Pheromonemotionally speaking

By: James V. Kohl | Published on: October 8, 2012

Endocrine disruptors, diet, and human pheromones epigenetically alter the socioaffective nature of evolved behavior
Excerpt from Kohl (2012): Human pheromones and food odors: epigenetic influences on the socioaffective nature of evolved behaviors:
“…endocrine disruptors and pheromones may act on species-specific and sex-specific GnRH feedback pathways to alter the estrous cycle and alter pubertal onset via changes in gene expression that result in significant physiological and behavioral changes throughout life (Cao, Mickens, McCaffrey, Leyrer, & Patisaul, 2011).”
Now see:  Anxiogenic effects of developmental bisphenol a exposure are associated with gene expression changes in the juvenile rat amygdala and mitigated by soy Patisaul et al (2012).  (I met Heather Patisaul during a prosocial behavior conference at Emory University last year and am happy to learn she has followed her earlier published works with one that helps to extend my model across species).
Excerpt: “…the rat is an appropriate animal model for understanding how the interaction of BPA and diet influence sociosexual behaviors, and identifying the neural mechanisms by which these changes are induced.”
BPA is an endocrine disruptor. BPA, nutrient chemicals in our diet, and pheromones alter GnRH secretion, which alters levels of other hormones. It goes without saying that the rat is an animal model used to investigate the role of pheromones and of GnRH in the development of human behavior. It is also generally agreed that sexual experience can induce short-term and long-term alterations in levels of other hormones that are controlled by GnRH.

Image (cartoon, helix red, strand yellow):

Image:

Patisaul et al (2012) brings to the table the epigenetic effects of diet, endocrine disruptors, and pheromones on the GnRH neuronal system and extends the epigenetic effects of pheromones to the regulation of oxytocin and vassopressin. Until now, there has been no direct link from the sensory environment to behavioral affects of oxytocin and vassopressin.  The direct link was predicted.
Excerpt 2 from Kohl (2012): “Collectively, effects on hormones help to extend animal models of food selection and social selection to sexual selection because they involve the same pathway. In theory, this GnRH-directed neurophysiological pathway may be the FDA’s ‘Critical Path’, which is recommended for crucial consideration in the development of new therapeutic drugs. In fact, it incorporates the hypothalamic GnRH pulse as the epigenetically effected neurophysiological mechanism that links the effects of food odors and pheromones to the secretion of other hormones and to the affects of many different hormones on behavior.”
Patisaul et al (2012) makes it clearer that the effects of pheromones on GnRH in the rat extend to the effects of pheromones on oxytocin, which have until now been only indirectly linked to a variety of human behaviors in the absence of any model for sensory cause and effects on hormones that affect behavior. It is the absence of a model that leaves many researchers floundering when they attempt to explain cause and effect. At best, their theories may determine what they think they have  observed and meaningfully interpreted.  For comparison, models determine what can be explained in context. The role of oxytocin, for example, must be explained in the context of how pheromones, food odors, and endocrine disruptors epigenetically effect sociosexual behavior.

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